Starting A Blog is Easy, Maintaining a Blog is Hard

So I started this Blog on March 14th and thought I could maintain 3 to 4 posts a week. It seemed like a realistic goal for the first couple of weeks until life got in the way. Around the beginning of April, my “real” job ramped up and I have been going like a train ever since.

I just haven’t been able to find time to put fingers to the keyboard and type. So, because of that, 20 days have gone by between posts. As I lie in bed at night before I go to sleep I think, maybe I should just take the blog down? And I have come close to doing that a couple of times, but I haven’t  – and I don’t think I will.

Why? Because I still have new things to share AND I know a time will come where a window of opportunity will present itself which will allow me more time for this.

Until then, if you find this blog, you’ll just have to forgive the time between posts. I haven’t given up. I haven’t abandoned the cart. Life just sometimes gets in the way.

The Verdict:

Starting a Blog is easy, maintaining a Blog is hard.

Holiday Crockpot Broth

Since today is Easter Sunday I thought it was appropriate to talk about holiday leftovers – specifically what to do with that leftover turkey carcass or beef bones. My suggestion is – pull out your crockpot, dust it off and make a big batch of homemade broth.

A couple of Thanksgivings ago – after my husband and I finished cleaning up and doing the dishes – I took our beautiful organic free range turkey carcass and tossed in our Crockpot with a combination of veggies, peppercorns, herbs and 10 cups of water and dialled the setting on low for 10 hours and went to bed. When I awoke the next morning I was rewarded with the most delicious chicken broth I had ever tasted. No exaggeration here – it was better than ANY broth I had ever tasted. That “super turkey broth” – as we labelled it for our freezer – changed our lives. Oh, and did I mention that it was super easy to make?

Fast forward a couple of years and anytime we have an excuse to roast a turkey (or chicken) we pull out the Crockpot and make broth. In fact any holiday meal we are hosting, we take the bones from the roast and toss them in the Crockpot to make slow cooked overnight broth. A while ago we even tossed in the remains of a leg of pork and the leftovers that went with it and the results were outstanding.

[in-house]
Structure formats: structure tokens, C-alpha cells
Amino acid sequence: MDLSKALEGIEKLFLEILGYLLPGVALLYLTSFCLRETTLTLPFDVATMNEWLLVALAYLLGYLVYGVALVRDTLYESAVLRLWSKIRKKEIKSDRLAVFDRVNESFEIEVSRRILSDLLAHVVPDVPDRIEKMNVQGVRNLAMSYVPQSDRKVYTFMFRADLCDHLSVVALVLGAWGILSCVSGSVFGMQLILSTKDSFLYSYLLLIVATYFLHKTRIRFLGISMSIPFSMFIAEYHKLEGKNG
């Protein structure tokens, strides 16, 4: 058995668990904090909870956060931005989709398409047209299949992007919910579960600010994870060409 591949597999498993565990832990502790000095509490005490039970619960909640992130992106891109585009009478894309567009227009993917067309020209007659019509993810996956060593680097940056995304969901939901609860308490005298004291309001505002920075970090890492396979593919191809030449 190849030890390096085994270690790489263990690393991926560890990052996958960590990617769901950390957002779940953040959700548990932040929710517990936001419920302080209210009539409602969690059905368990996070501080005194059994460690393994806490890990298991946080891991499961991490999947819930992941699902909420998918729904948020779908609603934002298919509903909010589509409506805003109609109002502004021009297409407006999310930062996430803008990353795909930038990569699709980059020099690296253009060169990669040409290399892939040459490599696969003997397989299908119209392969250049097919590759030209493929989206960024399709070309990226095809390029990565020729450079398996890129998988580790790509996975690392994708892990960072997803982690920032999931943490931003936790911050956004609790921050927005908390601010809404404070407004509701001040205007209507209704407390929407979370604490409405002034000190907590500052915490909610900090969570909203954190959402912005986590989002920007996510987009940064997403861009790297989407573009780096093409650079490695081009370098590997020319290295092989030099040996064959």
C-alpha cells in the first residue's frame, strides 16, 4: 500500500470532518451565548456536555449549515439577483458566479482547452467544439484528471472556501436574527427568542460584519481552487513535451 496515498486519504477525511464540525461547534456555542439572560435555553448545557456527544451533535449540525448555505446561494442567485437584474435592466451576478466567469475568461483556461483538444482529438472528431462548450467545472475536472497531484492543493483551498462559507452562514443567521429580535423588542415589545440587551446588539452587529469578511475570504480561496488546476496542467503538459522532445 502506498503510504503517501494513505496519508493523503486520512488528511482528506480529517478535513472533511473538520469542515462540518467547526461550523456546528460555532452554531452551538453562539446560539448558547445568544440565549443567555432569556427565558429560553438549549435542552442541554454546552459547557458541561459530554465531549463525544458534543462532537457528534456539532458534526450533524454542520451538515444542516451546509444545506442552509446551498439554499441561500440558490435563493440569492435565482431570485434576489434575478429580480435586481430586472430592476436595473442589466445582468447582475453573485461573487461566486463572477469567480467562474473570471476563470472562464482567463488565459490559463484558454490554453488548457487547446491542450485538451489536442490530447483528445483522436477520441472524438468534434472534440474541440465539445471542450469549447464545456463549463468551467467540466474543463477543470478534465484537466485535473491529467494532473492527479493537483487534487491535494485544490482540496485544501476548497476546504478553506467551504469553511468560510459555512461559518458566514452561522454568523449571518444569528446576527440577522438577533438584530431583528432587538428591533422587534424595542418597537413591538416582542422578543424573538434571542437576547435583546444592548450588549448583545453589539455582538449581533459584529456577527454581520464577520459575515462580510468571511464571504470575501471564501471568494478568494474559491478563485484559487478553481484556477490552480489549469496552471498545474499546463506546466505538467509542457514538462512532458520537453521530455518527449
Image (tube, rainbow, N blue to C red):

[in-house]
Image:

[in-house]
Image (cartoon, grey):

I am now so addicted to the Crockpot broth. I save all my vegetable clippings in a container in the freezer (mushroom stems are particularly valuable) and once the container is full I do an overnight veggie broth.

The Verdict:

This “new thing” has become a routine in our household and the results freeze beautifully and are far superior to any store bought product. Our favourite lunch has become healthy ramen – made with our delicious homemade broth. We love it.

Treadmills and Podcasts

A while ago my sister asked me if I ever download Podcasts to listen to while I run. The answer was no – I have a couple of running playlists that are my standbys and, being a creature of habit with my workouts, I always listen to one of them whether I am running outside or at the gym on a treadmill.

If I am being totally honest – my playlists are getting stale and they are not motivating me to run the way they used to and since I am always trying something new in other parts of my life, last week I gave the Podcast idea a try. My sister had also recommended I listen to the series Making Oprah: The Inside Story of a TV Revolution. It is a public radio broadcast with several episodes. I downloaded all of them on my phone and found them very interesting and easy to listen to.

The Verdict:

I am now hooked on the Podcast thing. I feel like I am running faster, keeping a more even pace and running further – especially on the treadmill. No longer do I turn on my stale playlist and The Food Network and listen to music while watching people cook while I exercise. My new problem is that I need to find a new Podcast series to download for next week – any recommendations?

Hibiscus Tea

For the longest time I have been looking for natural ways to help lower my blood pressure. Most articles suggest the same two or three things – exercise, weight loss, and reducing consumption of  both alcohol and reducing salt. However, recently someone suggested reading the book How Not to Die by Dr. Michael Greger and his suggestion was Hibiscus Tea.